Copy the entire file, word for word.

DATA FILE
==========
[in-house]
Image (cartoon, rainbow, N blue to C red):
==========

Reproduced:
[in-house]
Image (cartoon, rainbow, N blue to C red):